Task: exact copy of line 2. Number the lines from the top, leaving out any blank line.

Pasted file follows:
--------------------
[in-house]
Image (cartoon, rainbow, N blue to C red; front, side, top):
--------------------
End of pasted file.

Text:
Image (cartoon, rainbow, N blue to C red; front, side, top):